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04.14 Aortic valve disease co-develops with polyarthritis in the tnf-driven models and shares a common mesenchymal cell-mediated causality
  1. Lydia Ntari1,
  2. Maria Sakkou1,
  3. Panagiotis Chouvardas1,
  4. Alejandro Prados1,
  5. Anna Katevaini1,
  6. Niki Karagianni2,
  7. Maria C Denis2,
  8. George Kollias1,3
  1. 1Institute of Immunology, Biomedical Sciences Research Centre (BSRC), Greece
  2. 2Biomedcode Hellas SA, Greece
  3. 3Department of Physiology, School of Medicine, National Kapodistrian University, Athens, Greece

Abstract

Introduction and objectives Rheumatoid arthritis (RA) is a chronic condition characterised by inflammation of the joints as well as destruction of bone and cartilage. Studies on TNF transgenic models of polyarthritis established Tumour Necrosis Factor (TNF) targeting the mesenchymal-origin Synovial Fibroblasts (SFs) as a key event instigating the pathology. RA patients often show higher mortality rates, mainly due to the development of extraarticular disease including cardiovascular, gut and skin manifestations. The Tg197 and TnfΔARE/+ mouse models overexpress TNF and develop spontaneous chronic polyarthritis, fully mimicking human RA pathology. Here, we investigate whether these models develop, similarly to human patients, co-morbid heart pathology.

Materials and methods We used the Tg197 and TnfΔARE/+ mouse models to evaluate possible arthritis-related cardiovascular disease. For further ex vivo analysis, we isolated Valve Interstitial Cells (VICs), which are the mesenchymal-origin fibroblasts constituting the aortic valve. We used a GFP reporter mouse labelling specifically mesenchymal-origin cells (ColVICre;mTm/mGFP) to target VICs. Similarities of pathogenic VICs and SFs were analysed by comparing their expression profiling with RNA sequencing analysis.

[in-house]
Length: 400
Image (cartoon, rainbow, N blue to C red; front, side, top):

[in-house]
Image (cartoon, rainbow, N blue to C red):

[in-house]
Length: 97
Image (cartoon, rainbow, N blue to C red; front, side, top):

Results Both arthritis models examined develop TNF-dependent aortic valve thickening, as indicated by the amelioration of the pathology following treatment with anti-TNF biologics. Aortic valves exhibited significant fibrosis with minimal signs of inflammatory cell infiltration and thickened areas, consisting almost entirely of VICs, indicating proliferation of this cell type as a hallmark of the observed phenotype. Isolated VICs from mutant mice exhibited a more proliferative and migratory phenotype and expressed high levels of TNF. Interestingly, VIC activation resembles the activated phenotype of pathogenic SFs isolated from the same mice. A significant functional correlation between these two pathogenic cells of mesenchymal origin was also supported by RNA-seq analysis, suggesting common cellular mechanisms operating in RA and RA-related heart pathology.

Conclusion TNF-driven arthritis models, apart from their arthritic symptoms, develop co-morbid heart valve disease, similarly to reported comorbidities in RA patients. These two co-morbid diseases are shown here to share common mesenchymal-cell driven aetiopathogenesis.

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